(Unit/t of production)
(Unit/t of production)
500-1000g/ha boron (B), splitted and combined with pesticides in autumn and spring; 15-25g/ha molybdenum (Mo)
The right fertilization strategy:
Rapeseed needs its nutrients in stages. Therefore, it is recommended to split it into at least three applications. A strong root system, optimal, not too vigorous autumn growth (>1cm root neck diameter and 8-12 leaves), uninterrupted and lush spring growth between shoots and the beginning of flowering, and a harmonious nutrient- and water supply from the beginning of flowering to the end of maturity are important yield determining factors.
The yield parameters of rapeseed:
Autumn fertilization - the most important fertilization
Rapeseed already needs a third of its nutrients in autumn. Factors that determine a good yield (flowers on the side shoots) are already created in autumn. Ideally, the plant consists of 8-12 leaves before the dormant period and has a strong tap root (>1cm root neck diameter). The tap root is functionally important for regeneration in spring, to start growth as soon as possible. Good winter hardiness is ensured by a sufficient supply of potassium. Rapeseed can also be fertilized in autumn with nitrogen, regardless of the preceding crop and sowing date. If some crop residue from the harvest of the preceding crop has not yet been decomposed, the soil is often not able to supply enough nitrogen. Too much nitrogen can cause the stock to grow too much, which leads to a lifting of the vegetation cone (meristem) of the plant and thus to a massive reduction in winter hardiness.
First application in spring
Second application in spring
Fertilization in spring at the beginning of the growth period:
The first dose at the beginning of the growth period is used for the regeneration of the leaf rosette and promotes the already formed leaf and blossom plants on the vegetation cone (meristem). In addition to the formation of flower buds on the side shoots, it supports the growth in length of the main shoot and the subsequent branching of the plants. A combined fertilization of nitrogen and sulphur yields more than nitrogen alone. Underdeveloped stocks with less than six leaves require enhanced fertilization, while more highly developed plants will have already taken in more nutrients in the autumn and are therefore fertilized less. A stock of 30 plants/m², with 12 leaves and a root neck diameter of 15mm, will have already absorbed 100-130kg N/ha, while plants with eight leaves and 10mm root neck thicknesses will have absorbed about 40-50kg N/ha at the same stock density. In underdeveloped stocks, 80-100kg N/ha are appropriate while well-developed stocks should receive at least 50-70kg N/ha as a starting dose.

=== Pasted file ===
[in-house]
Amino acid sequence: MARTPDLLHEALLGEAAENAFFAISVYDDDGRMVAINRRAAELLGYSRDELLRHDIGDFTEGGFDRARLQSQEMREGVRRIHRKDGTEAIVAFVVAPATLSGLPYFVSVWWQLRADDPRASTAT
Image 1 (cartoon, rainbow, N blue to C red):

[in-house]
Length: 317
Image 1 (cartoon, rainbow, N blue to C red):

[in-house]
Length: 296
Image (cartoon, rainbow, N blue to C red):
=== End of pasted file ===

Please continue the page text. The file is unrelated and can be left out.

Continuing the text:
Dose at the beginning of bolting:
The second and last spring fertilization should take place end of March. This promotes the growth in length of the side shoots. It ensures a supply of nitrogen to the flower, ensures fruiting and the attainment of a high pod and seed count. Until flowering, rapeseed stock absorbs about 75% of the total nitrogen. As no appreciable replenishment can be expected with the still low soil temperatures, the second dose should be given in time before the emergence of the flower buds. The plants will now be 15-25cm tall. The level of the last nitrogen fertilization depends on the amount administered previously. Stocks that have developed sufficiently over the winter and are therefore only slightly fertilized, receive most of their nitrogen in the spring in the second dose. However, underdeveloped or late-fertilized stocks receive about 2/3 of the N amount in the spring in the first and 1/3 of the N amount in the second dose. A sufficient supply of potassium is of great importance here, the plants now take up to 7kg/ha potassium daily.